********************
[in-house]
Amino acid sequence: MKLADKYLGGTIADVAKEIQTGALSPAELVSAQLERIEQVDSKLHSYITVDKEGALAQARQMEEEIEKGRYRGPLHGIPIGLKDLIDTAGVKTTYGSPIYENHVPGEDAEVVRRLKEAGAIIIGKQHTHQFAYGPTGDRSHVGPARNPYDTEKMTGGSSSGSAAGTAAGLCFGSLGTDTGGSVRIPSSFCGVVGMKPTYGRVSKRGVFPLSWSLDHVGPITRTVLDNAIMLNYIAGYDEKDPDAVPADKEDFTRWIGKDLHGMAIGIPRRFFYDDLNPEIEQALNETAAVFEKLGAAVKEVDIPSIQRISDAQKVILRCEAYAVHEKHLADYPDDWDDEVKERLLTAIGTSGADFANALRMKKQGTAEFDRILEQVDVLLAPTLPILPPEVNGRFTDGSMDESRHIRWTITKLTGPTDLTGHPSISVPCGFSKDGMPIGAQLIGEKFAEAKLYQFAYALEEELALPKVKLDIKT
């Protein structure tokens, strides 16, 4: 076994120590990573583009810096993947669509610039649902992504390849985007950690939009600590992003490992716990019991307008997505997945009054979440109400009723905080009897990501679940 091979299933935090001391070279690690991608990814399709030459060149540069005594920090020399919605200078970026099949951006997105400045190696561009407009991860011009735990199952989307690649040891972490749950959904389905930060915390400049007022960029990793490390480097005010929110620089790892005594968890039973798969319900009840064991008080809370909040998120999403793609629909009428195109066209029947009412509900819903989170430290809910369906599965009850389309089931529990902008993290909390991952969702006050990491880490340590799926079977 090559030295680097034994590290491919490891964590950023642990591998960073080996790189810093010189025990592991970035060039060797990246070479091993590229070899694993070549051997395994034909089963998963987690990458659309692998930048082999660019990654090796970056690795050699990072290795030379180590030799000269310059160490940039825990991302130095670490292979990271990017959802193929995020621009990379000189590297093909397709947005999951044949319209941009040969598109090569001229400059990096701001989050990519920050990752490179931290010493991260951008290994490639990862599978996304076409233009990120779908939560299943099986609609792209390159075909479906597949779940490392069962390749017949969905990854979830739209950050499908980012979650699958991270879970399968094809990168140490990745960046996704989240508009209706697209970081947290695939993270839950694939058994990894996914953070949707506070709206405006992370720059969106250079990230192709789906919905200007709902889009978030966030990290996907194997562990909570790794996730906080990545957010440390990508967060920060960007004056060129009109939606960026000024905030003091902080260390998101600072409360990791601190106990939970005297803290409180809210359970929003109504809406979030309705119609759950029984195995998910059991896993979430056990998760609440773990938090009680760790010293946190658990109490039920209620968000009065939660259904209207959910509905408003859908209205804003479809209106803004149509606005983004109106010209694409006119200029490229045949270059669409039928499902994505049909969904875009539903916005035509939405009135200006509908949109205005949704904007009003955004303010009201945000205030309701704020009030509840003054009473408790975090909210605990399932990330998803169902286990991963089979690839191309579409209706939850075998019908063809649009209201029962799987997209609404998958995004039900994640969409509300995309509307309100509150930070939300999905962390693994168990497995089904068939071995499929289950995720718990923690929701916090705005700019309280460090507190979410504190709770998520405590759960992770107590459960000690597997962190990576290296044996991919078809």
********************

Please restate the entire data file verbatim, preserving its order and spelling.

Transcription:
[in-house]
Amino acid sequence: MKLADKYLGGTIADVAKEIQTGALSPAELVSAQLERIEQVDSKLHSYITVDKEGALAQARQMEEEIEKGRYRGPLHGIPIGLKDLIDTAGVKTTYGSPIYENHVPGEDAEVVRRLKEAGAIIIGKQHTHQFAYGPTGDRSHVGPARNPYDTEKMTGGSSSGSAAGTAAGLCFGSLGTDTGGSVRIPSSFCGVVGMKPTYGRVSKRGVFPLSWSLDHVGPITRTVLDNAIMLNYIAGYDEKDPDAVPADKEDFTRWIGKDLHGMAIGIPRRFFYDDLNPEIEQALNETAAVFEKLGAAVKEVDIPSIQRISDAQKVILRCEAYAVHEKHLADYPDDWDDEVKERLLTAIGTSGADFANALRMKKQGTAEFDRILEQVDVLLAPTLPILPPEVNGRFTDGSMDESRHIRWTITKLTGPTDLTGHPSISVPCGFSKDGMPIGAQLIGEKFAEAKLYQFAYALEEELALPKVKLDIKT
């Protein structure tokens, strides 16, 4: 076994120590990573583009810096993947669509610039649902992504390849985007950690939009600590992003490992716990019991307008997505997945009054979440109400009723905080009897990501679940 091979299933935090001391070279690690991608990814399709030459060149540069005594920090020399919605200078970026099949951006997105400045190696561009407009991860011009735990199952989307690649040891972490749950959904389905930060915390400049007022960029990793490390480097005010929110620089790892005594968890039973798969319900009840064991008080809370909040998120999403793609629909009428195109066209029947009412509900819903989170430290809910369906599965009850389309089931529990902008993290909390991952969702006050990491880490340590799926079977 090559030295680097034994590290491919490891964590950023642990591998960073080996790189810093010189025990592991970035060039060797990246070479091993590229070899694993070549051997395994034909089963998963987690990458659309692998930048082999660019990654090796970056690795050699990072290795030379180590030799000269310059160490940039825990991302130095670490292979990271990017959802193929995020621009990379000189590297093909397709947005999951044949319209941009040969598109090569001229400059990096701001989050990519920050990752490179931290010493991260951008290994490639990862599978996304076409233009990120779908939560299943099986609609792209390159075909479906597949779940490392069962390749017949969905990854979830739209950050499908980012979650699958991270879970399968094809990168140490990745960046996704989240508009209706697209970081947290695939993270839950694939058994990894996914953070949707506070709206405006992370720059969106250079990230192709789906919905200007709902889009978030966030990290996907194997562990909570790794996730906080990545957010440390990508967060920060960007004056060129009109939606960026000024905030003091902080260390998101600072409360990791601190106990939970005297803290409180809210359970929003109504809406979030309705119609759950029984195995998910059991896993979430056990998760609440773990938090009680760790010293946190658990109490039920209620968000009065939660259904209207959910509905408003859908209205804003479809209106803004149509606005983004109106010209694409006119200029490229045949270059669409039928499902994505049909969904875009539903916005035509939405009135200006509908949109205005949704904007009003955004303010009201945000205030309701704020009030509840003054009473408790975090909210605990399932990330998803169902286990991963089979690839191309579409209706939850075998019908063809649009209201029962799987997209609404998958995004039900994640969409509300995309509307309100509150930070939300999905962390693994168990497995089904068939071995499929289950995720718990923690929701916090705005700019309280460090507190979410504190709770998520405590759960992770107590459960000690597997962190990576290296044996991919078809």